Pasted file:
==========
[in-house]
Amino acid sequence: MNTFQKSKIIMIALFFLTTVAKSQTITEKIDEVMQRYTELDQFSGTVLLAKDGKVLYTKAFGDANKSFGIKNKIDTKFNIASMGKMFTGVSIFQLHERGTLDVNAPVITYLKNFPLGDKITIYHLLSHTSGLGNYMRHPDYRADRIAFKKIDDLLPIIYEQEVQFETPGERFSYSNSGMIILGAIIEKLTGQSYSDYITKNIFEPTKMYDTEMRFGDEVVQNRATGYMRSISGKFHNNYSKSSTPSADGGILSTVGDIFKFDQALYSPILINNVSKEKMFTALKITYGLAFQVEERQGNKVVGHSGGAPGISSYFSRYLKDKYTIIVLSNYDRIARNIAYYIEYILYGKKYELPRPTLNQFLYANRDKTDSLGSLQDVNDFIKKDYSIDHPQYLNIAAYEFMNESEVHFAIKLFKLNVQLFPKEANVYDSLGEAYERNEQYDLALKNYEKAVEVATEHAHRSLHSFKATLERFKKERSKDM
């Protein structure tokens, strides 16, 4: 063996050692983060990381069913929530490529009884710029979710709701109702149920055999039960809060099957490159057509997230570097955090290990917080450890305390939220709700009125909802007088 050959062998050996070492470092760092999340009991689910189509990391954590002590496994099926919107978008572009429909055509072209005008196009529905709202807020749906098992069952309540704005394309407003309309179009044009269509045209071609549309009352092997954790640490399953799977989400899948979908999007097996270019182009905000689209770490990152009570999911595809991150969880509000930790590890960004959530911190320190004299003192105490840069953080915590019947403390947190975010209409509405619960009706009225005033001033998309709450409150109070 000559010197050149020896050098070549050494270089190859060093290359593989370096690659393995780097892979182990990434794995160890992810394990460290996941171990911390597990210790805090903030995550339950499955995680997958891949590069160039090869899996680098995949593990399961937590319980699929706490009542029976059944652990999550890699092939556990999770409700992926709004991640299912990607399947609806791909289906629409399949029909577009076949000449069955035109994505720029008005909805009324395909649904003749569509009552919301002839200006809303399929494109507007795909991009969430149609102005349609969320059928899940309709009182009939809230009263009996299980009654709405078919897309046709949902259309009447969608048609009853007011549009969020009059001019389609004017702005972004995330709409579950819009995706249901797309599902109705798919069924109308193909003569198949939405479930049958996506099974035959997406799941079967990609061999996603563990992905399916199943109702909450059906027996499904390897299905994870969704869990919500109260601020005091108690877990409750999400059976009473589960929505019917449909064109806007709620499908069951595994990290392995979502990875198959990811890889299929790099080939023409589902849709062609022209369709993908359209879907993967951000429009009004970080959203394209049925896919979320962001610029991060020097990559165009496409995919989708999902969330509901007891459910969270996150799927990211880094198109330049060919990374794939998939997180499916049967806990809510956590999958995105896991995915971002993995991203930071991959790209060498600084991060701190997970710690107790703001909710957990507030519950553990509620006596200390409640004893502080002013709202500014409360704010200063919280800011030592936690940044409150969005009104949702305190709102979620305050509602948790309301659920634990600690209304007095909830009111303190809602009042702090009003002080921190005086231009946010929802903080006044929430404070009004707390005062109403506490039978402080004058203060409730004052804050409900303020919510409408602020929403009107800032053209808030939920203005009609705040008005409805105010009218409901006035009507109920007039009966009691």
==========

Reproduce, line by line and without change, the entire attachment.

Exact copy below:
[in-house]
Amino acid sequence: MNTFQKSKIIMIALFFLTTVAKSQTITEKIDEVMQRYTELDQFSGTVLLAKDGKVLYTKAFGDANKSFGIKNKIDTKFNIASMGKMFTGVSIFQLHERGTLDVNAPVITYLKNFPLGDKITIYHLLSHTSGLGNYMRHPDYRADRIAFKKIDDLLPIIYEQEVQFETPGERFSYSNSGMIILGAIIEKLTGQSYSDYITKNIFEPTKMYDTEMRFGDEVVQNRATGYMRSISGKFHNNYSKSSTPSADGGILSTVGDIFKFDQALYSPILINNVSKEKMFTALKITYGLAFQVEERQGNKVVGHSGGAPGISSYFSRYLKDKYTIIVLSNYDRIARNIAYYIEYILYGKKYELPRPTLNQFLYANRDKTDSLGSLQDVNDFIKKDYSIDHPQYLNIAAYEFMNESEVHFAIKLFKLNVQLFPKEANVYDSLGEAYERNEQYDLALKNYEKAVEVATEHAHRSLHSFKATLERFKKERSKDM
């Protein structure tokens, strides 16, 4: 063996050692983060990381069913929530490529009884710029979710709701109702149920055999039960809060099957490159057509997230570097955090290990917080450890305390939220709700009125909802007088 050959062998050996070492470092760092999340009991689910189509990391954590002590496994099926919107978008572009429909055509072209005008196009529905709202807020749906098992069952309540704005394309407003309309179009044009269509045209071609549309009352092997954790640490399953799977989400899948979908999007097996270019182009905000689209770490990152009570999911595809991150969880509000930790590890960004959530911190320190004299003192105490840069953080915590019947403390947190975010209409509405619960009706009225005033001033998309709450409150109070 000559010197050149020896050098070549050494270089190859060093290359593989370096690659393995780097892979182990990434794995160890992810394990460290996941171990911390597990210790805090903030995550339950499955995680997958891949590069160039090869899996680098995949593990399961937590319980699929706490009542029976059944652990999550890699092939556990999770409700992926709004991640299912990607399947609806791909289906629409399949029909577009076949000449069955035109994505720029008005909805009324395909649904003749569509009552919301002839200006809303399929494109507007795909991009969430149609102005349609969320059928899940309709009182009939809230009263009996299980009654709405078919897309046709949902259309009447969608048609009853007011549009969020009059001019389609004017702005972004995330709409579950819009995706249901797309599902109705798919069924109308193909003569198949939405479930049958996506099974035959997406799941079967990609061999996603563990992905399916199943109702909450059906027996499904390897299905994870969704869990919500109260601020005091108690877990409750999400059976009473589960929505019917449909064109806007709620499908069951595994990290392995979502990875198959990811890889299929790099080939023409589902849709062609022209369709993908359209879907993967951000429009009004970080959203394209049925896919979320962001610029991060020097990559165009496409995919989708999902969330509901007891459910969270996150799927990211880094198109330049060919990374794939998939997180499916049967806990809510956590999958995105896991995915971002993995991203930071991959790209060498600084991060701190997970710690107790703001909710957990507030519950553990509620006596200390409640004893502080002013709202500014409360704010200063919280800011030592936690940044409150969005009104949702305190709102979620305050509602948790309301659920634990600690209304007095909830009111303190809602009042702090009003002080921190005086231009946010929802903080006044929430404070009004707390005062109403506490039978402080004058203060409730004052804050409900303020919510409408602020929403009107800032053209808030939920203005009609705040008005409805105010009218409901006035009507109920007039009966009691």